This silly neckerchief rule is like that. It adds nothing to the game. If the boys, not the parents, have an idea for a neckerchief, it adds to the game by enhancing their sense of unsity.

                    Also, if you want to worry about neckerchiefs, you need to remind everyone that only uniform trousers are acceptable and that the official socks must be worn with the uniform as well.

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                    • #11
                      Tim,
                      I commend you for taking the time to learn the program and for understanding and accepting your responsibility as a leader to set a good example for others to follow.

                      Keep in mind that the rules do not say that everyone has to be in a full uniform to be a scout. A boy who cannot afford uniform pants immediately is not a bad scout.

                      What the rules say is that a unit or individual does not have the authority to alter the official uniform. for instance they cannot say that "in our pack blue jeans are the official uniform" or "in our den you can wear whatever neckerchief you want". It is not that leaders uniform to alter. Every Charter organization and adult leader signs an agreement to follow the policies and procedures of the BSA. Thank you for having the maturity to honor that promise.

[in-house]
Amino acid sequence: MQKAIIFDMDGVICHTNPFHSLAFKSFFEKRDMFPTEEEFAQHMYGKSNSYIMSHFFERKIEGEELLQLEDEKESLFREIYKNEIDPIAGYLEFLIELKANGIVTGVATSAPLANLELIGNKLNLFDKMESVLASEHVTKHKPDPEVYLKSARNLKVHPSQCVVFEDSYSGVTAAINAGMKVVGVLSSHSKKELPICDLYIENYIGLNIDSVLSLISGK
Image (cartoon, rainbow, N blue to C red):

Bob White

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                      • #12
                        The reason that BSA doesn't want Cub Scouts to design their own neckerchief is MONEY. With well over a million Cub Scouts who are told to buy a new neckerchief and now a new cap every year, that's about $10 million in revenue for products that cost about 10% of that to produce.

                        The longer that I'm with this organization, the more that I see that ideals don't matter at the upper levels, only money does.